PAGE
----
• Get antivirus software from specific brands that usually offer anti-phishing tools and have a good track record in locating and preventing these fraudulent assaults. Make sure the software has the relevant tools before downloading anything.
  • Use spam filters and two-factor authentication software to employ another layer of protection for your login credentials. This can protect you from many types of phishing attacks. Even if a hacker gains access to your credentials, they cannot access your account since 2FA requires an additional code that only account holders receive.

By following these simple guidelines, you can protect yourself from phishing attacks. In case you do end up becoming a victim of a phishing scam, stay calm and do the following:

The first step is to change all passwords on affected accounts and sites. Then, run a scan with an antivirus software to find and remove any malware. Phishing schemes, by definition, refer to the actual process of trying to steal information from someone. But this process can involve the use of malware. 

Phishing Tactics 

Cybercriminals are constantly looking for new ways to trick people into giving up their personal information or sneaking malware onto their devices. One of the best ways to avoid these is to get familiar with the most common phishing tactics. 

One of these is spear phishing. This involves sending targeted emails to specific individuals or groups of people in an attempt to gather personal information.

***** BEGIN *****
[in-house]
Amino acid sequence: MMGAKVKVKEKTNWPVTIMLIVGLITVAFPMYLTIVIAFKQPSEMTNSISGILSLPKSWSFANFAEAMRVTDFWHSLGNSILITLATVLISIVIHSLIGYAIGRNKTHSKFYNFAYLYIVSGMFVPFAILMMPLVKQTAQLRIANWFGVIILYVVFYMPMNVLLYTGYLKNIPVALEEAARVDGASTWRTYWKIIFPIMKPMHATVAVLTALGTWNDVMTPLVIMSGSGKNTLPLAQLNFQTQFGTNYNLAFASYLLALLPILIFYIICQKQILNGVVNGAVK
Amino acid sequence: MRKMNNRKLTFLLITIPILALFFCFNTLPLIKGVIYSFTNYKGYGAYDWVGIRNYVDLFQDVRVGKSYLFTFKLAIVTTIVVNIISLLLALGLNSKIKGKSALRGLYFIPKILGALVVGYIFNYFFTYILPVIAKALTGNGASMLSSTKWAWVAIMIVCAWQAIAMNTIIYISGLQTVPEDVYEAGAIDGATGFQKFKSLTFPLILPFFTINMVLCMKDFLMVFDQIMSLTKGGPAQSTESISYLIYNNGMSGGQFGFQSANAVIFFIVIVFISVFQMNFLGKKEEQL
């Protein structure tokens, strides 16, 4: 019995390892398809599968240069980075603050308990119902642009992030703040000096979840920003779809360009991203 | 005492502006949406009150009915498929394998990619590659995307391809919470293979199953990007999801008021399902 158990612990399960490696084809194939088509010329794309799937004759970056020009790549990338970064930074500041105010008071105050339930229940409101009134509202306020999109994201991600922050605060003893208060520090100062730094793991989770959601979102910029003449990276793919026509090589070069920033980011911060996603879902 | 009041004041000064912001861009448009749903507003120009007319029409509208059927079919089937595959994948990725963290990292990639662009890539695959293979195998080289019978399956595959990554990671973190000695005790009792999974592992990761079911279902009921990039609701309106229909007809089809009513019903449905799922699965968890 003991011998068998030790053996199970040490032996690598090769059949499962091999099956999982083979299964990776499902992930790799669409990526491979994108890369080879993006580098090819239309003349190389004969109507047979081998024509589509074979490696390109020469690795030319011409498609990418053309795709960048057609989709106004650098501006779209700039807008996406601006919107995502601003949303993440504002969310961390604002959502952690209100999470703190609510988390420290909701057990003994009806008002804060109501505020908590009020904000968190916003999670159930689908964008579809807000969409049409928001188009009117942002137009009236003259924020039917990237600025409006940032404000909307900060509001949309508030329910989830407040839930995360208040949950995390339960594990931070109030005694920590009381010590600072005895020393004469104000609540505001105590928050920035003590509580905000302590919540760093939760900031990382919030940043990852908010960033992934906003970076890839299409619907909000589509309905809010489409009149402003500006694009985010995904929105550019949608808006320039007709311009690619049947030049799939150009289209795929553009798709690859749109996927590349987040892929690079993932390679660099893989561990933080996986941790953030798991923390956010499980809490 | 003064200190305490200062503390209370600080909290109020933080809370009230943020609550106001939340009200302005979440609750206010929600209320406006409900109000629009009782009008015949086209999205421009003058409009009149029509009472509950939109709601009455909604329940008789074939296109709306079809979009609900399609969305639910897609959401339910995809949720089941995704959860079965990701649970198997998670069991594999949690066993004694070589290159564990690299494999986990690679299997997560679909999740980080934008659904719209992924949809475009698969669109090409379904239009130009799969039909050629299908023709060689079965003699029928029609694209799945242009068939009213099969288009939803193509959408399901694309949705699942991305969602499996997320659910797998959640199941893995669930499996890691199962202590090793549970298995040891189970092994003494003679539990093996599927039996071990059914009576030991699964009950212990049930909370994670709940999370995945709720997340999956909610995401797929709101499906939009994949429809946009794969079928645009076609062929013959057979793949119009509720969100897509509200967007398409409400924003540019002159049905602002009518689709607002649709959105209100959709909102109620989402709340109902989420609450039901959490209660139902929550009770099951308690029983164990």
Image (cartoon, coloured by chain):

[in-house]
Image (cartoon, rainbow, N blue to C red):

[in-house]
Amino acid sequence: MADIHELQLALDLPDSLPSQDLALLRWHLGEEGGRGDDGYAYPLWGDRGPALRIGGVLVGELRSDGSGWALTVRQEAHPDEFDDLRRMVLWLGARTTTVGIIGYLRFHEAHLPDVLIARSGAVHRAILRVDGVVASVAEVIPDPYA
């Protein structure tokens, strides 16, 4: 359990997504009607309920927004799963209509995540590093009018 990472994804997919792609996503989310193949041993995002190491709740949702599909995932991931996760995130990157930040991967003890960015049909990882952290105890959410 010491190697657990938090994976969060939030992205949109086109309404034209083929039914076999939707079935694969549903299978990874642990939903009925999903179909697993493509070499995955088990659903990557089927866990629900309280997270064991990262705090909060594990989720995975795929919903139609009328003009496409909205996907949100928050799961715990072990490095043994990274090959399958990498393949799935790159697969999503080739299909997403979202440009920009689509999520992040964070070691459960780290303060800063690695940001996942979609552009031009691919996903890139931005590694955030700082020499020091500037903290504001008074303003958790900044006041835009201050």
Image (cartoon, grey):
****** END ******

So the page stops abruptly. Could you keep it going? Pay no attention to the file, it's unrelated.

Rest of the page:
Microsoft 365 phishing is another common tactic, where attackers send emails that appear to be from Microsoft or one of its partners. These emails are the basic definition of phishing scams and often contain attachments that install malware on the victim's computer when opened. 

Business email compromise or BEC is a newer type of scam in which the attacker poses as a legitimate business contact and asks for sensitive information or money. 

Whaling is a similar scam that targets high-level executives or wealthy individuals. 

Social media phishing is a cyberattack designed to gain access to your social media account or steal personal data. These attacks are executed through platforms like Facebook, Twitter, Instagram, or LinkedIn.

Voice phishing, also known as vishing, is a phishing cybercrime where the attacker calls you on the phone and tries to get you to give them personal information. 

Pharming is similar to phishing fraud in that both are a type of social engineering attack. But unlike phishing which uses bait in the form of fake links, pharming redirects a website’s traffic to a simulated one either by exploiting a vulnerability on the DNS server or by changing the hosts’ file on targeted computers. 

Typosquatting is a type of phishing attack where the attacker creates a fake website that is similar to a legitimate website. The only difference is the URL, which contains some sort of typo